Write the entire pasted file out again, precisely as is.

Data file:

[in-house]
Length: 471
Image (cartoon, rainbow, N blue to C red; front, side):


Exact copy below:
[in-house]
Length: 471
Image (cartoon, rainbow, N blue to C red; front, side):